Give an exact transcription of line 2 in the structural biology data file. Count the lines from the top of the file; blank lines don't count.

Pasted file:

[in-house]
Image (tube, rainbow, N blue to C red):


Image (tube, rainbow, N blue to C red):